One way to think of the term “green jobs” is that it’s just mundane shorthand for policies that will shift the U.S economy toward cleaner sources of energy and less pollution.
But what specific sorts of jobs will this effort entail? The Brookings Institution recently put out a report noting that the “clean economy” sector, defined very broadly, employs some 2.7 million people. And the Center for American Progress breaks it down with a handy chart showing the biggest job-growth areas since 2003:
Note that many of these jobs are things that have been around for ages — mass transit, waste management, recycling. The biggest growth sector, “conservation,” involves fairly traditional jobs in land and forestry management. Republicans, meanwhile, will be less-than-thrilled to note that a big chunk of “green job growth” comes in handling new environmental regulations. It’s also true that what most people think of as prototypical green jobs — in, say, the wind and solar industries — represent just a small chunk of the overall total. Looked at another way, though, these are the areas with the most growth:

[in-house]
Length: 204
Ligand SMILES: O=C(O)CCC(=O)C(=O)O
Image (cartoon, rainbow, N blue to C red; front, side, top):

Assuming the country continues to pursue policies that promote renewable energy, these sectors could continue to grow, even though they start from a relatively small base.